Kids, on the other hand, wait for months in anticipation of the promised and coming gifts. They know that if they aren't given what they want or need, they are completely helpless to get it on their own. Someone else must earn and pay for their gift. And what shows the Gospel and Advent better than gifts given to even the undeserving and ill-deserving children? In my childhood and materialistic mind, I was thinking in very simple terms "Despite how I've behaved this year, the gift under the tree is what I want, what I need, and if it's not given to me, I am utterly out in the dark to earn it for myself".

The gift of Jesus in incarnation—his advent, his life, death, and resurrection—are, as Tim Keller might say, the true and better Christmas gift. It fulfills promises and great anticipation. It is given to those undeserving and ill-deserving. It meets our most fundamental needs. It satisfies our deepest desires. It cannot be earned. It cannot be bought. It cannot be merited by good behavior.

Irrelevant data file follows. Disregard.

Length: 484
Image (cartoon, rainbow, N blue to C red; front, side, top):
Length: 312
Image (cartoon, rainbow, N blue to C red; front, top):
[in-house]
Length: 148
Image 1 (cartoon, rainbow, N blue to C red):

I'm suggesting that when we lose that gift-excitement around the Christmas season, we're actually losing something that is a perfect picture of the Gospel and Advent. Instead of making it less about the gifts perhaps we should consider how we, for children and adults alike, might take the excitement and anticipation of the gifts and channel them toward the true Gift.

Wednesday, December 8, 2010

Book Review: The Good News We Almost Forgot by Kevin DeYoung

Before I say anything else, I must offer a big thanks to Moody Publishing for their patience in waiting for this review. I took my time with this book and read it more as a devotional which incidentally the book is perfectly laid out for. More on that in a moment.

Who would have guessed that a catechism from the 16th century could be anything but dry, propositional and boring? Yet Kevin DeYoung has taken the Heidelberg Catechism and unearthed a treasure that is modern, relevant and even interesting in The Good News We Almost Forgot.

The catechism (and thus the book) are largely an unpacking of the Apostle's Creed, the Ten Commandments and the Lord's Prayer. The 129 questions of the catechism are broken up into 52 chapters, perfect for a weekly devotional reading. While I didn't spend a week on each chapter, I did take my time reading the book, rarely reading more than a chapter or two in a sitting. The chapters are short enough and the content varied enough that the book doesn't really lend itself to knocking out half the book in a sitting.